no

article -> reviews -> contributors (no author_suggested_reviewer on any contributors)

Name of handling editor

John Doe

article -> reviews -> contributors (editor)

Type of model

double anonymized

article -> reviews -> identity_transparency

Opt-in for peer review e.g. double blind opt-in

no

article -> reviews -> identity_transparency (opt-in not provided from STM schema)

Number of revisions

2

article -> reviews -> versions

How many revisions particular reviewer participated in

12345: 2

23456: 1

article -> reviews -> versions -> contributors

Reviewer interacts with

editor

article -> reviews -> reviewer_interacts_with

Post publication commenting

none

article -> reviews -> (no post_publication_commenting provided)

Object type

article

article -> contentType

Ethics

This was conducted ethically.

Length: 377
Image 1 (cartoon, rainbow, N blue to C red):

article -> version -> ethics_statements

Competing interests

There were no conflicts of interest

article -> version -> competing_interests

Data availability statements

none

article -> version -> (no data_availability_statements) provided

Authorship contributions

Liz Jones, author

Eric Mays, data visualization

article -> contributors

2. An independent review service notifies a preprint server about a review of an article on their platform.

In this example, a review service is describing a fully transparent review of a preprint article with links to the review report and author response. They do this by including a content field for the review object and filling out the author response and STM Association Taxonomy metadata to describe the process of the review.

{
contentType: "review"
content: https://doi.org/review/123
createdOn: 2020-01-01T00:00:00z
provider: https://myreviewservice.org
decision_date: 2020-07-20T00:00:00z
decision: "accept"
contributors: [
    {
     name: "Tricia McMillan"
     affiliation: "Maximegalon University"
     role: "editor"
     id: https://orcid.org/0000-0000
     author_suggested: false
    },
    {
     name: "Zaphod Beeblebrox"
     affiliation: "Betelgeuse State College"
     role: reviewer
     id: https://orcid.org/0001-0001
     author_suggested: true
    }
    {
     name: "Arthur Dent"
     affiliation: "BBC"
     role: reviewer
     id: https://orcid.org/0002-0002
    }
    {
     name: "Ford Prefect"